“The demand from member countries is great. Many are looking at Islamic finance to solve basic economic issues like unemployment and growth,” IRTI director-general (DG) Prof Datuk Dr Mohd Azmi Omar told The Malaysian Reserve in a recent interview.

He said many countries have gone to the Islamic Development Bank (IDB) Group, under which IRTI is placed, for solutions to their economic woes.

“Our capacity to support them is limited,” he said.

The IDB Group, comprising 56 member countries and Muslim communities, has set itself the task of fostering the economic development and social progress of its members in accordance with the principles of Shariah.

One tricky challenge facing Dr Mohd Azmi and his team is the expectation placed on Islamic finance.

“Most countries think by implementing Islamic finance, they can solve their problems. But that's not the case. It’s part of the solution, not the only solution.

“We are concerned. What if the economies of the countries undertaking Islamic finance don’t grow? They might say Islamic finance itself has failed,” he said.

Dr Mohd Azmi, formerly a deputy vice chancellor at the International Islamic University Malaysia (IIUM), became the first Malaysian to be appointed to the top executive IRTI position in January. He was the dean of IIUM Islamic Banking and Financial Institute when the three-year appointment took place.

“I was head hunted by IDB to lead this organisation. The process took some time,” he said.

One industry executive familiar with IRTI said that the organisation was looking for someone with a strong academic background and with the appropriate leadership skills. Up against 16 other international candidates, Mohd Azmi was found to have fulfilled the criteria.

As the DG, he is tasked to oversee research and training and advisory for member countries.

[The Malaysian Reserve, 5 Nov 2012]

Islamic banks face liquidity management issues, forum told

By Habhajan Singh

Liquidity management and effective Shariah governance are two major challenges faced by Islamic financial institutions (IFIs) today, a global forum was told yesterday.

On the banking front, Islamic banks continue to face challenges on the liquidity management front despite many jurisdictions having introduced certain measures to mitigate its impact.

“Islamic banks still face the challenge in their day-to-day management of cash because of the lack of a comprehensive Islamic interbank money market today,” Bank Islam Malaysia Bhd general manager Norashikin Mohd Kassim told one of the panels at the Global Islamic Finance Forum (GIFF) 2012 hosted by Bank Negara Malaysia (BNM) in Kuala Lumpur yesterday.

At a parallel International Shariah Scholars Forum held under the GIFF umbrella, Shariah scholar Sheikh Abdulrahman Al-Atram said Shariah governance standards issued by international bodies have yet to receive international acceptance.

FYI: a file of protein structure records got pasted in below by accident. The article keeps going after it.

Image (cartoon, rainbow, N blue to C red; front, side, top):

“The standards are there, but they are not being paid proper attention by Shariah boards and individual institutions,” he told the forum. On this matter, International Shariah Research Academy for Islamic Finance executive secretary Dr Mohamad Akram Laldin said issues related to Shariah governance were now emerging as Islamic finance has now grown in size.

“Malaysia does not have many issues here as we have the framework issued by Bank Negara,” he told The Malaysian Reserve on the sidelines of the forum.

The BNM-issued Shariah Governance Framework for the Islamic Financial Institutions, which took effect on Jan 1, 2011, marked a key milestone in the development of Islamic finance in Malaysia and was another first for Malaysia in the global Islamic finance arena.

In the 50-page document, the central bank said it has developed the framework with “the primary objective of enhancing the role of the board, the Shariah Committee and the management in relation to Shariah matters, including enhancing the relevant key organs having the responsibility to execute the Shariah compliance and research functions aimed at the attainment of a Shariah-based operating environment”.

The framework is applicable to all Islamic banks licenced under Islamic Banking Act 1983, takaful and retakaful operators registered under the Takaful Act 1984, financial institutions licensed under the Banking and Financial Institutions Act 1989 that participate in the Islamic banking scheme, and development financial institutions prescribed under the Development Financial Institutions Act 2002 that participate in the Islamic banking scheme.

On liquidity management, Norashikin said Islamic money market faces issues with regard to lack of instruments, non-standard documents and processes, counterparty or credit risk, and the Shariah-compliant poser.

“Funds must emanate from a Shariah-compliant source and they need to be taken up by a Shariah-compliant source. In most places, there is no infrastructure in place to ensure that the funds are ‘clean’ Shariah-compliant,” she said in her presentation.

[The Malaysian Reserve, 19 Sept 2012]

HSBC quits Islamic biz in UK, focuses on M’sia and Saudi

By Habhajan Singh

HSBC Holdings Group is pulling out of the retail Islamic finance business in the UK and a number of countries, but will continue to seek sukuk issuance from Malaysia and other jurisdictions.